By Joanna Chatterton on Monday 25 March 2019
As the name suggests, the role of a Senior Manger will be pivotal to your business once the regime comes into force in late 2019. But who will be a Senior Manager and what will change for you if you become one?
Having a senior role or the title Manager won’t necessarily mean you are a Senior Manager. Senior Managers are the most senior people with the greatest potential to cause harm or impact on market integrity. There won’t be many of them in your firm – even the largest retail banks have less than 40.
The FCA has identified certain Senior Management Functions. Not all firms will require all of these – that depends on its size, complexity and the regulated activities it carries out. Anyone who holds such a Senior Management Function will require pre-approval from the regulator before performing this role.
The regime introduces new ‘Prescribed Responsibilities’ that must be given to Senior Managers. These have been identified by the FCA to ensure that there is a Senior Manager who is accountable for all key risks.
Senior Managers will have a ‘Statement of Responsibilities’ which sets out what they are responsible and accountable for. This is submitted to the FCA and must be kept up to date.
You are likely to be asked to sign an updated employment contract. The SMCR does not override the general principle that if your contract doesn’t expressly permit a change in your role, responsibilities etc your agreement is required. Be warned that refusing to agree to your Statement of Responsibilities will mean you can’t perform the Senior Manager role and could be a fair reason to dismiss you.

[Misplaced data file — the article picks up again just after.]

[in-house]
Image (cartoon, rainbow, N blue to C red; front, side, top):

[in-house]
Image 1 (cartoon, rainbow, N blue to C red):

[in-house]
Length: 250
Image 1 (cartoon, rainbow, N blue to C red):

Financial incentives were not the norm to secure agreement in the banking sector unless as a result of the SMCR the individual had a significantly enhanced role and responsibilities.
Senior Managers must comply with additional Conduct Rules as well as those applicable to most staff. They also have a duty of responsibility - this means that if a firm breaches one of the regulator’s requirements, the Senior Manager responsible for that area could be held accountable if they did not take ‘reasonable steps’ to prevent or stop the breach. Sanctions include fines or being barred.
The FCA has imposed specific training obligations. One to One session with advisers and possibly paid for independent legal advice to ensure you understand your responsibilities may be offered for Senior Managers.
If you breach a Conduct Rule this will need to be reported to the FCA. Any concerns about your fitness and propriety will need to be recorded on the new style regulatory reference – the days of the agreed reference hiding a multitude of sins are over!
Joanna Chatterton is partner of Fox Williams LLP specialising in employment law for financial services businesses and partnerships. She can be contacted at email@example.com or on
+44 (0) 20 76142617 or +44 (0) 7740945716
This overview is general guidance. It should not be relied upon without first taking separate legal advice. Neither the author nor Fox Williams LLP accept any responsibility for any consequences resulting from reliance on the contents of this document.